ArrowArtboardCreated with Sketch.Title ChevronTitle ChevronIcon FacebookIcon LinkedinIcon Mail ContactPath LayerIcon MailPositive ArrowIcon PrintIcon Twitter

Singapore ups 2021 GDP outlook to 6-7% on fast vaccine progress

Eased COVID rules and steady exports to spur recovery after Q2's 14.7% growth

Decorations mark Singapore's National Day weekend, just ahead of the GDP outlook announcement.   © AP

SINGAPORE -- Singapore on Wednesday upgraded its growth projection for this year to a range of 6% to 7%, from the previous 4% to 6%, with a roughly 70% COVID-19 vaccination rate enabling plans to gradually reopen more of the economy.

That would bring economic output for 2021 above the 2019 level. The city-state's economy contracted 5.4% last year.

Gross domestic product grew 14.7% on the year in the April-June quarter -- upgraded from the preliminary figure of 14.3% growth -- partly due to the low base last year, when most of the period was spent under a sweeping lockdown. The manufacturing sector expanded 17.7%, while the services sector grew 10.3% and the construction industry expanded 106.2%.

The quarterly growth pace compares to 11.8% in the Philippines, 7.1% in Indonesia, 6.6% in Vietnam, and 7.9% in China.

"The performance of the Singapore economy in the first half of 2021 was stronger than expected," the Ministry of Trade and Industry said. "The COVID-19 situation has also stabilized, with our vaccination program continuing to make good progress."

There is still a ways to go. Hiromasa Matsuura, a Singapore-based economist at Mizuho Bank, noted that the "household sector's recovery remains weak, compared to the corporate sector's recovery including exports," suggesting that domestic precautions and a weak labor market continue to weigh on the economy.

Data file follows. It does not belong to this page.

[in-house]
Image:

The government's statistics show private consumption expenditure in the second quarter was 13% lower than that of the fourth quarter of 2019, on a seasonally adjusted basis. Government consumption expenditure and net exports, meanwhile, were 14% and 15% higher, respectively.

Nevertheless, the ministry said, "Barring a major setback in the global economy, the Singapore economy is expected to continue to see a gradual recovery in the second half of the year, supported in large part by outward-oriented sectors."

Inoculations are beginning to open more avenues. Singapore has fully vaccinated more than two-thirds of its 5.7 million population -- among the fastest rates in the world. Effective Tuesday, it eased some of its border control measures, allowing work pass holders to apply for entry into the city-state regardless of where they are traveling from.

Authorities also eased domestic safe distancing rules, allowing fully vaccinated people to dine at restaurants in groups of up to five.

"The progressive easing of domestic and border restrictions as our vaccination rates continue to rise will also help to support the recovery of our consumer-facing sectors and alleviate labor shortages in sectors that are reliant on migrant workers," the ministry said.

The government expects further easing from next Thursday, in a step toward its new normal of "living with COVID."

"A higher proportion of our population is now better protected. We are in a more resilient position," Prime Minister Lee Hsien Loong said in a televised National Day speech on Sunday. "We can now look forward to a careful, step-by-step reopening of our economy."

Exports of semiconductors and pharmaceuticals are expected to help power the recovery for the rest of the year. "The recovery in external demand for Singapore for the rest of the year remains largely on track," the Trade Ministry said.

One potential downside risk will be continued virus crises in neighboring Association of Southeast Asian Nations members. "Recent severe coronavirus infection in [other] ASEAN countries would be a concern for Singapore's exports going forward," Matsuura said. Malaysia and Indonesia, both hard-hit, are among the city-state's major export destinations.

The tourism-related sector will also continue to suffer from the prolonged pandemic, especially as the more contagious delta variant rages across Asia and keeps governments on guard.

Sponsored Content

About Sponsored Content This content was commissioned by Nikkei's Global Business Bureau.

Nikkei Asian Review, now known as Nikkei Asia, will be the voice of the Asian Century.

Celebrate our next chapter
Free access for everyone - Sep. 30

Find out more